Summer is here and you still haven’t found ‘the perfect’ camp for your kids—and now everyone says you’re too late. Don’t worry, we found 10 great camps that still have a few spots left if you hurry.
Give your kids great summer memories and yourself a ‘best mom’ badge. Done and done.
Light Opera Works’ Summer Musical Theater
Every child gets their moment in the spotlight at Light Opera Works’ Summer Musical Theater Workshops.
Perfect for kids 8-13 with or without theater experience, Manager Anya Plotkin says the kids quickly make friends and gain confidence while putting on an unforgettable show after only six days.
This summer students will be doing Legally Blonde, The King and I and Guys and Dolls, plus others.
Not only do they learn to handle their solo responsibilities, they learn to work as a group, Plotkin says. “Watching that happen is so rewarding. It’s the best part of my year.”
Working parents seeking a full-day camp option with lots of flexibility will especially love the day camps at Bright Horizons.
School-age kids, 6-12, come back year after year because they make friends, are always on the go and get to do really cool things every day. Camp themes rotate and this summer include Extreme Action Cinematography, Culinary Arts, The Science of Gross Things and Uncharted Territories, plus lots of great field trips.
Camp counselors are carefully chosen to help the kids have a fun, active summer. Camps run all summer long so parents aren’t left in the lurch until school starts.
Engineering for Kids
Got a kid who likes to figure out how things work? Engineering For Kids camps for ages 4-14 are just the ticket. With sites in Lake County, North Cook County, Aurora, Naperville, Olympia Fields and Hammond, Ind., kids get hands-on STEM lessons and fun, engineering-based design/build projects.
“We focus on the life skills of problem solving and critical thinking,” says Keith Poole, Illiana location owner. “We are here to inspire the next generation of engineers.”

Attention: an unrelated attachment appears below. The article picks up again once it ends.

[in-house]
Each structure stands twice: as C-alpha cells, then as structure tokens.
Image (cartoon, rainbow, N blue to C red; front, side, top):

Kids explore industrial, chemical, aerospace, marine and civil engineering, robotics, 3-D printing, software engineering and will even bring familiar stories to life in Twisted Fairy Tales.
The Viola Project
Before you think Shakespeare isn’t for kids, think again! The Viola Project uses the Bard’s words to empower girls to explore their world and activate their creative voices. The seven week-long camps—two in Oak Park and five in Chicago’s Edgewater neighborhood—are created especially for ages 10-16.
This year, girls will learn about social media safety, women in leadership, self defense and more. They’ll also perform scenes from Shakespeare and learn from some amazing Chicago artists.
“Each child gets individual attention that helps them grow,” says Managing Director Catherine Gillespie. “We pride ourselves doing everything to make sure the girls are a success.”
Code Play Learn
Your kids want to be on their computers and you want them outside playing this summer. Fortunately, you can give them the best of both at this year’s Code Play Learn’s full-day sports and coding camps in Chicago.
Perfect for grades 4-8, Code Play Learn has teamed up with Legacy Sports to create a half day of STEM fun that teaches problem solving through coding and a half day of team-based sports that emphasize character building, says owner Wil Greenwald.